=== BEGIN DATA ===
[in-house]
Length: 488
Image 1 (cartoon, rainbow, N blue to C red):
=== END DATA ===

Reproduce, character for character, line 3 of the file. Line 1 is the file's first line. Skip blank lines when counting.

Image 1 (cartoon, rainbow, N blue to C red):